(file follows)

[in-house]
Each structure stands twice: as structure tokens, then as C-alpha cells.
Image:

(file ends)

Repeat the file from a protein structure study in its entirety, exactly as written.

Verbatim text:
[in-house]
Each structure stands twice: as structure tokens, then as C-alpha cells.
Image: